The measure would award $250,000 in scholarships specifically for graduate students who plan to teach nursing.
The money would be divided among schools across the state and distributed by colleges or universities with nursing programs. The state already awards $5 million a year in nursing scholarships.
Since 2000, the need for nurses has shifted from the initial shortage of students to a deficit in instructors, said Carol Feuss, labor communications specialist for the Michigan Nurses Association.
“People started sounding the alarm because the population in general is getting older, and in general you require more health care,” Feuss said. “Also, registered nurses who are in health care are going to retire when there is the greatest need.”
The need for nurses has been recognized, and now nursing programs across the state have more applicants than they can accept, she said.
Sen. Michael Switalski, D-Roseville, primary sponsor of the bill, said he became aware of the shift and began working with area schools and hospitals.
“There isn’t enough room for people to get in, and yet there’s a need for nurses and people who need jobs,” Switalski said.
He met with school and hospital administrators several times over a six-month period, and they determined an underlying reason for the shortage of nurses is the need for instructors, he said.
The legislation has passed the House and Senate and will be sent to the governor after a final senate review following the Nov. 7 election.
“The easy answer is to train more nurses and open more seats in the nursing schools,” Klemczak said. “The problem is we can’t do that. First, we need more faculty.”
The good news, she said, was that the state has been working to meet these shortages, both long and short term.
In 2005, Gov. Jennifer Granholm committed $20 million in initiatives to help solve the problems, asking hospitals, nursing schools and health coalitions to come up with solutions and offering them funding.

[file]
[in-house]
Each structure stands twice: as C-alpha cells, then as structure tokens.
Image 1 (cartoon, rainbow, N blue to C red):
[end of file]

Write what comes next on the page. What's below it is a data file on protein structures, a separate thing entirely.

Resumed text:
One short-term solution was a yearlong accelerated nursing program for students who already have a bachelor’s degree, Klemczak said.
The first accelerated program at Michigan State University School of Nursing graduated 44 registered nurses in 12 months, she said, adding that the program is too demanding for students to work while attending, so scholarships are necessary.
Hospital staff nurses also have the option to reduce their hours by one-half and use that time to teach. They go through a short training period and are then put into the classroom, she said.
According to the state’s health code, the ratio of faculty to students must be 1-to-10 in most lab classes, making sure students have hands-on experience and are learning properly, Klemczak said.
“It’s difficult because when you are a nurse and you get a job in administration, you can make really good money,”
The university’s graduate program has grown 24 percent in the last five years, she said, and it has the capacity for more growth. Scholarships are often the only way nurses can pursue graduate and doctoral degrees because it’s so expensive, said
“There really has to be an incentive to want to become faculty,” she said.
Klemczak said the lack of instructors is being addressed.
“The answer is to start working on it now and don’t wait. The bill is a piece of the puzzle, and it sends me the message that a lot of people are interested in this issue, especially the Legislature.”
There are more than a dozen graduate nursing programs in the state. They include